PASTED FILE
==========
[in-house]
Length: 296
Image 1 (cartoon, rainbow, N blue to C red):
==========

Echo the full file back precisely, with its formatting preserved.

[in-house]
Length: 296
Image 1 (cartoon, rainbow, N blue to C red):